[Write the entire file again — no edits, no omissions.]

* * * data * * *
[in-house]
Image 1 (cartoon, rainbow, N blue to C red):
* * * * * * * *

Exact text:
[in-house]
Image 1 (cartoon, rainbow, N blue to C red):